So my much-envy'd muse, by storms long tost,
Is thrown upon your hospitable coast,
And finds more favour by her ill success,
Than she could hope for by her happiness,
Once Cato's virtue did the gods oppose ;
While they the victor, he the vanquish'd chose :
But you have done what Cato could not do,
To choose the vanquish'd, and restore him too,
Let others triumph still, and gain their cause
By their deserts, or by the world's applause;
Let merit crowns, and justice laurels give,
But let me happy by your pity live,
True poets empty fame and praise despise,
Fame is the trumpet, but your smile the prize.

1 This lady was for many years a favourite mistress of Charles the Ild. and was afterwards created dutchess of Cleveland. She was daughter of William Villiers, lord Grandison, who was killed in the king's service at the battle of Edgehill in 1642.

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Such courage

You sit above, and see vain men below
Contend for what you only can bestow :
But those

great actions others do by chance,
Are, like your beauty, your inheritance :
So great a soul, fuch sweetness join'd in one,
Could only spring from noble Grandison.
You, like the stars, not by reflection bright,
Are borne to your own heaven, and your own light;
Like them are good, but from a nobler cause,
From your own knowledge, not from nature's laws.
Your power you never use, but for defence,
To guard your own, or other's innocence :
Your foes are such, as they, not you, have made,
And virtue may repel, tho' not invade.

did the ancient heroes show,
Who, when they might prevent, would wait the blow:-
With such assurance as they meant to say,
We will o'ercome, but scorn the safest

way.
What further fear of danger can there be ?
Beauty, which captives all things, fets me free.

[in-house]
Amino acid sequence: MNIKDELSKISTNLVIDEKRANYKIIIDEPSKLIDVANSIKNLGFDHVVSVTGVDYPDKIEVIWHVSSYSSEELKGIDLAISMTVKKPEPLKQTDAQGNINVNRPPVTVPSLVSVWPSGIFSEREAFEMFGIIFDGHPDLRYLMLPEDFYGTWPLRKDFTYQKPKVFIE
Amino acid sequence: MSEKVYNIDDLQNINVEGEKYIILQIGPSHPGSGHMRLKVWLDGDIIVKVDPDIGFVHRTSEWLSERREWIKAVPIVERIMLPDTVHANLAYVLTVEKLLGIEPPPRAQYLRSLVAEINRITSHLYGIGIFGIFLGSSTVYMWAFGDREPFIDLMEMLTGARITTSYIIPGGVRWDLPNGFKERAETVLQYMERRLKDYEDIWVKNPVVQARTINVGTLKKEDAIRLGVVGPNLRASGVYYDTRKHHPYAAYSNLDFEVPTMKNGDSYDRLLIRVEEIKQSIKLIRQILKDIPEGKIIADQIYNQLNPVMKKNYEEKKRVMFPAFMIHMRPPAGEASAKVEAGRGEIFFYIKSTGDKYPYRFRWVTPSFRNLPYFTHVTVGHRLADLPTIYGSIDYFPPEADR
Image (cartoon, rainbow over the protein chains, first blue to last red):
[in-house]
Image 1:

Pofterity will judge by my success,
I had the Grecian poet's happiness,
Who, waving plots, found out a better way ;
Some God defcended, and preserv'd the play.
When first the triumphs of your sex were sung
By those old poets, beauty was but young,
And few admir'd the native red and white,
Till poets dress’d them up to charm the fight;
So beauty took on trust, and did engage :
For sums of praises till Me came to age.
But this long-growing debt to poetry
You justly, madam, have discharg'd to me,
When your applause and favour did infule
New lite to my condemn'd and dying mule.

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TH

HE blaft of common censure could I fear,

Before your play my name should not appear; For 'twill be thought, and with some colour too, I pay the bribe I first receiv'd from you ; That mutual vouchers for our fame we stand, And play the game into each other's hand; And as cheap pen'orths to ourselves afford, As I Beffus and the brothers of the sword. Such libels private men may well endure, When states and kings themselves are not secure : For ill men, conscious of their inward guilt, Think the best actions on by-ends are built. And yet my filence had not ’scap'd their spite; Then, envy had not suffer'd me to write ; For, fince I could not ignorance pretend, Such merit I must envy or commend. So many candidates there ftand for wit, A place at court is scarce fo hard to get : In vain they crowd each other at the door ; For e'en reversions are all begg'd before : Desert, how known foe'er, is long delay'd ; And then too fools and knaves are better pay'd. Yet as some actions bear so

great a name, That courts themselves are just, for fear of shame;

i Beffus, a cowardly character in Beaumont and Fletcher's comedy of a King and no King.

So